Scania is making its first appearance at the Tokyo Motor (Commercial Vehicle) Show, which opens to the public on 30 October.
The exhibition of a Scania is described by Scania as the first concrete manifestation of its business alliance with Hino (a Toyota subsidiary). Scania says it expects sales in Japan to expand ‘slowly but steadily over several years’.
Scania and Hino earlier this year entered a business alliance. The first step in the co-operation entails the marketing of Scania tractor units via the Hino sales and service network in Japan.
A Scania tractor unit is exhibited on the Hino stand which Scania says complements the Hino line-up in Japan.
“The age of 60 marks the start of a new era in Japan and Hino is celebrating their 60th anniversary this year,” said Kaj Lindgren, group vice president, executive board, and Scania’s architect for the agreement with Hino.
“The business alliance between Scania and Hino is a fundamental step for both companies.
“Scania has the highest image of all European truck brands and for half a century, Scania has been recognised as King of the Road in many countries. Hino is the leading Japanese truck manufacturer with the highest image. This means that two of the world’s premium truck makes are starting to co-operate.
“Scania’s strategy of organic growth does not exclude strategic alliances. One example is our business alliance with Hino. Another is the development of our high-pressure injection system – Scania HPI – together with Cummins .
“Hino and Scania complement each other very well when it comes to products and market coverage and this may very well open other possibilities in the future,” said Lindgren.
The business alliance between Scania and Hino also includes other, longer-term projects. The two companies are exchanging know-how in emission control and looking at the possibilities of using Hino’s new seven-litre engine in some Scania vehicles.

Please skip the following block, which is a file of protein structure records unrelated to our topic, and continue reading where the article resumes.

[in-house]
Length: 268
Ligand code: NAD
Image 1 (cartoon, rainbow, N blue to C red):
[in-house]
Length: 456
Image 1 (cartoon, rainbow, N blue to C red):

“Scania builds and sells the same range of products, uses the same production methods, the same environmental standards and the same demands on quality all over the world,” said Hasse Johansson, group vice president, executive board, responsible for Scania’s research and development.
“Thanks to Scania’s modular system, our customers can specify vehicles ideally suited to any transport task. And this is precisely what we have done to tailor-make a truck that complements the Hino line-up in Japan.
“We take a low-built chassis, since cargo volume has a high priority in this transport segment. We take a right-hand-drive long-haulage cab and underneath we put a low-emission 12-litre turbocompound engine with 440 horsepower. We fit our 12-speed range-splitter gearbox and offer our own retarder and automatic gearchanging (Scania Opticruise) as options. We make some modifications to the mirrors to suit Japanese regulations – but basically that’s it,” said Mr Johansson.
Earlier this year, Scania chief executive Leif Oestling said in an interview that he would not rule out a future equity tie-up with Hino. Hino is currently 50% owned by Toyota and is Japan’s largest manufacturer of commercial vehicles. There is a suggestion among analysts that Toyota could, at some point in the future, make a bid for Scania.